Universal appeal

I wish I could have the experience of watching The Farthest for the first time once again. I can’t recall exactly but I think it was about two-thirds of the way in, as the lush, jazzy shuffle of Pink Floyd’s Us and Them was soundtracking a segment of the probe’s flight, that I really began to get that tingle in the spine that this was something very special indeed. America is about to have the pleasure of its company from August 11th (which should be some recompense for the impending threat of nuclear war). They are in for a major treat, as this 5-star Sindo review hints. 


Title: The Farthest
Cert: PG

IT WAS in 2013, just as director Emer Reynolds and producer John Murray realised a shared obsession with the Voyager space-probe mission, that NASA announced that Voyager 1 had left our solar system, making it the first man-made object to enter interstellar space.

Reynolds, Murray and co-producer Clare Stronge rounded up cinematographer Kate McCullough, film-score maestro Ray Harman and a host of other leading home-grown talent and got to work on a feature documentary to chart the inception and journey of this extraordinary scientific venture.

Four years after that moment (and 40 in total since Voyager 1 was launched), The Farthest arrives as not only one of the finest film projects ever completed with Irish Film Board funding but one of the big-screen events of the year.

There is too much of sheer fascination to map-out here but some strands are particularly astonishing. One is the primitive nature of the probe’s computer system – equivalent to that inside a hearing aid – that powers it to this day and for years sent back jaw-dropping images that have rewritten our knowledge of space. Another is the “Golden Record” created by celeb boffin Carl Sagan to travel aboard the craft as a musical and visual primer should alien intelligence ever intercept it.

A film that will make you marvel anew at both the stars above as well as the beauty and ambition of science. Book your tickets this instant.


First published in the Sunday Independent



Great work done here by debutante Mark Gill in this Moz biopic. Here’s the recent Sindo review (complete with less-than-subtle Smiths lyrical pun).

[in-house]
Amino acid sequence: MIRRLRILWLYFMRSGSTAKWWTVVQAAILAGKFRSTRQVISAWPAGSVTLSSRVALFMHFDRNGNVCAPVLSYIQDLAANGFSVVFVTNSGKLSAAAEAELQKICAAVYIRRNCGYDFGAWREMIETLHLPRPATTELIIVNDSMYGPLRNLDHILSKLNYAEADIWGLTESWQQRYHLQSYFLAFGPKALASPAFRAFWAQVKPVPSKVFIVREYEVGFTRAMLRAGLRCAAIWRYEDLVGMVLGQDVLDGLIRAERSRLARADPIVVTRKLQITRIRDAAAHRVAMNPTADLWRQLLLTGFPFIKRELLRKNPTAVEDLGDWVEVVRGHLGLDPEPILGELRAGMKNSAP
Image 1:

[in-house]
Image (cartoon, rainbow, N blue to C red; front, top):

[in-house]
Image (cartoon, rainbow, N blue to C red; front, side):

England is Mine
Cert: 15A

STOP me if you think you’ve heard this one before: Sensitive, misunderstood literary type in grimy England defies calls that he’s a no-hoper and rises to rock stardom. England Is Mine, a biopic of The Smiths’ mouth-in-chief Morrissey should be an exercise in by-numbers rock hagiography for the big screen. What makes writer-director Mark Gill’s debut interesting is that it is not.

Jack Lowden (who can also be seen in Dunkirk) is committed as the young Steven Patrick Morrissey, awkward in his shoes, fed-up with Manchester (and everything else besides), and every bit as much of an intellectual snob as he is today.

Wry, tasteful, unforced and with a tangible sense of the era, this is a portrait of a mercurial rock icon’s formative years that, fittingly, ploughs its own furrow.


First published in the Sunday Independent

Shit sandwich

Just… no. 


The Emoji Movie
Cert: G

WHEN future cultural historians look back at the annals of early 21st-century cinema history, there will be much cause for reverence. Equally, however, there will be time devoted to a handful of incidents where Hollywood types decided that digital or gaming interfaces would surely have no trouble crossing over into cinemas.

For anyone over the age of 70, emojis are the small smiley faces and characters used in phone text messaging to do the job language once did. They have been deemed so “now” as to justify throwing millions of dollars and a bevy of talent at a film adaptation because that’s what the world needs right now. Behind this thinking is the very same lack of regard for consequence and taste that elects reality TV stars to government or ejects nations from financial markets. It’s been signed-off on – what now?

Here’s what: A cinema release perhaps without equal this year in terms of how shockingly dreadful it is.

A series of crimes are committed, from the conceptual (the drearily dull premise of a “magical” world of product-placed apps within your smartphone) to the executional (a dispiriting lack of effort in the comedy writing, cringefully obvious characterisations).

Then there’s the bleating, babbling inanity of the dialogue and core voicing cast that features TJ Miller, James Corden and Patrick Stewart as, in what you can only hope is an example of wry synecdoche, a talking turd.


First published in the Sunday Independent